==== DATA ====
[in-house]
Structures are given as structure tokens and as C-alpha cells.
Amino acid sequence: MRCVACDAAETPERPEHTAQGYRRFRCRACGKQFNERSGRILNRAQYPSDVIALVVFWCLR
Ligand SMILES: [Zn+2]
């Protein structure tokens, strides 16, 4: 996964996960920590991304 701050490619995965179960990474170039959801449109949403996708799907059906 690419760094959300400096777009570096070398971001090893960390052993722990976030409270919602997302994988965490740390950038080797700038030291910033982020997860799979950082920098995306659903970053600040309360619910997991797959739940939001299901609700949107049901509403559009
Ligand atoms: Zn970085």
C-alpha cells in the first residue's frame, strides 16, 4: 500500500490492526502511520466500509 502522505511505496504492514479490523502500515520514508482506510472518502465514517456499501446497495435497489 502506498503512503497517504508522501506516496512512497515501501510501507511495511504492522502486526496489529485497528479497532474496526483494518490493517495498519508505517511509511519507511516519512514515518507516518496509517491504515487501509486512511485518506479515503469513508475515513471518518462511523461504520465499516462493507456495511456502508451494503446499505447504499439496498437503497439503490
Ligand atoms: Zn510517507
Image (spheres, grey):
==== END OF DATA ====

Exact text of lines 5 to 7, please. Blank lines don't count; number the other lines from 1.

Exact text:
């Protein structure tokens, strides 16, 4: 996964996960920590991304 701050490619995965179960990474170039959801449109949403996708799907059906 690419760094959300400096777009570096070398971001090893960390052993722990976030409270919602997302994988965490740390950038080797700038030291910033982020997860799979950082920098995306659903970053600040309360619910997991797959739940939001299901609700949107049901509403559009
Ligand atoms: Zn970085």
C-alpha cells in the first residue's frame, strides 16, 4: 500500500490492526502511520466500509 502522505511505496504492514479490523502500515520514508482506510472518502465514517456499501446497495435497489 502506498503512503497517504508522501506516496512512497515501501510501507511495511504492522502486526496489529485497528479497532474496526483494518490493517495498519508505517511509511519507511516519512514515518507516518496509517491504515487501509486512511485518506479515503469513508475515513471518518462511523461504520465499516462493507456495511456502508451494503446499505447504499439496498437503497439503490